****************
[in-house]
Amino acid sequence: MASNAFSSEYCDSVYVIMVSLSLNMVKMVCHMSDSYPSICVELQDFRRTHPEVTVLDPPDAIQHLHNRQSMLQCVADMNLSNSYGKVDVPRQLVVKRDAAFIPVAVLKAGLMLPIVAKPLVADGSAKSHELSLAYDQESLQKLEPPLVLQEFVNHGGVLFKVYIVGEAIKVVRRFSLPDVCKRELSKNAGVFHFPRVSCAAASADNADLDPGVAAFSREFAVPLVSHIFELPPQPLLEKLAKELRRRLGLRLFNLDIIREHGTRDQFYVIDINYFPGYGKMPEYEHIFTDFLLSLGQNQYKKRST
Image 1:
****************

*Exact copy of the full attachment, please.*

[in-house]
Amino acid sequence: MASNAFSSEYCDSVYVIMVSLSLNMVKMVCHMSDSYPSICVELQDFRRTHPEVTVLDPPDAIQHLHNRQSMLQCVADMNLSNSYGKVDVPRQLVVKRDAAFIPVAVLKAGLMLPIVAKPLVADGSAKSHELSLAYDQESLQKLEPPLVLQEFVNHGGVLFKVYIVGEAIKVVRRFSLPDVCKRELSKNAGVFHFPRVSCAAASADNADLDPGVAAFSREFAVPLVSHIFELPPQPLLEKLAKELRRRLGLRLFNLDIIREHGTRDQFYVIDINYFPGYGKMPEYEHIFTDFLLSLGQNQYKKRST
Image 1: